There is No Magic Bullet
Clients call me fairly regularly saying a cash advance has gone into default just weeks after the advance was made to the merchant. The client wants to take immediate action to collect from the merchant given the fraud the merchant has perpetrated on the cash advance company. As will be explained below, regrettably it is not that easy to move forward against the merchant even if a merchant commits fraud.
The Set Up:
The call I get from the cash advance company usually starts with the same fact pattern: the cash advance was made and only days or weeks after the advance, the merchant is no longer paying. The merchants typically switch to a new point of sale terminal and processing company if the cash advance is being repaid in a split funding type of arrangement. Or, the merchant blocks the cash advance company’s access to the merchant’s bank account if the funds are being collected by automated clearing house.
In either case, the merchant has repaid little if any of the advance. That the merchant had no intention to repay when it induced the cash advance company to provide the advance is fraud. The merchant misrepresented that it was going to repay the advance and also intentionally kept the cash advance company from collecting, a clear cut case of fraud. So it should be easy to seize the merchant’s assets, cash and the like right? Not so fast.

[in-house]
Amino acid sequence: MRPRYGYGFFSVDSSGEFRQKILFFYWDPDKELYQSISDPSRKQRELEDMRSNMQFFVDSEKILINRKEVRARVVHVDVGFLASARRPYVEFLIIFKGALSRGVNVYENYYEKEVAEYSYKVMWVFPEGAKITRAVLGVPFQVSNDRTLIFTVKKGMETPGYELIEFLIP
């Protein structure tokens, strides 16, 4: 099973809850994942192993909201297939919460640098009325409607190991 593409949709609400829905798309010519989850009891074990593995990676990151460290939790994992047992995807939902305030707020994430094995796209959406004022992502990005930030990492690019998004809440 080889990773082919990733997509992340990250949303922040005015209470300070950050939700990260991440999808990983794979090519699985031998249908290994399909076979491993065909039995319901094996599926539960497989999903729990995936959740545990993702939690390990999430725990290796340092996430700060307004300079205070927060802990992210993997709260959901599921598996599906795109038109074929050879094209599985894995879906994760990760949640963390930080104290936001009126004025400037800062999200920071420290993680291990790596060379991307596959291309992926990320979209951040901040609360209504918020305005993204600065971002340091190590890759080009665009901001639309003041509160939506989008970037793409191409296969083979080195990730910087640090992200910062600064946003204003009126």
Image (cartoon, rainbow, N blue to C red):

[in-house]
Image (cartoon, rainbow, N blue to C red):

Some clients inform me that they have filed a UCC-1 statement and ask if that can be used to seize the defaulting merchant’s assets. Many cash advance companies file UCC-1 statements as part of providing a cash advance. The UCC-1 form is filed in the state where the merchant is located to let other people know that the cash advance company has a lien on certain assets of the merchant. In the event that the merchant defaults on the cash advance by committing fraud, the cash advance company theoretically can now go in and seize those assets under the authority granted under the UCC-1 filing. Sounds like a great way to collect from the merchant. But, the problem is that in reality it does very little to help the cash advance company.
The Uniform Commercial Code allows for the self help remedy of seizing the property that is subject to the UCC-1 lien in the event the merchant defaults. But the law also states that the cash advance company cannot commit a “breach of the peace” in doing so. For the most part, any act of violence, such as breaking a lock to get into a business, is seen as a breach of the peace. Some cases have held that even verbal confrontations constitute a breach of the peace. So from a practical perspective, it is almost impossible to use a self help remedy against a defiant merchant.
That is also true in the event the UCC-1 is only securing an interest in future credit card receivables as many do. Seizing those receivables would involve potentially going to the merchant’s bank and asking it to divert the funds. No bank is going to do so unless you have some sort of court order.
Another recent approach cash advance companies have been using to try to obtain assets is to send a letter to the merchant’s new processor demanding that the processor divert the funds to pay off the defaulting cash advance company’s debt. Although creative, there is really no right for the cash advance company to receive any funds from the merchant’s new processor. If the new processor acquiesced, this would actually be a breach of the terms of the merchant agreement between the merchant and the new processor.
How About Court Intervention?
So how about the courts can’t they help out in a clear cut case of fraud by allowing you to go in and seize assets right away? I am afraid to say it is not that simple.